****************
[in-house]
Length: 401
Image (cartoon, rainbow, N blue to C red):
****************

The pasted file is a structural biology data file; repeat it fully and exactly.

[in-house]
Length: 401
Image (cartoon, rainbow, N blue to C red):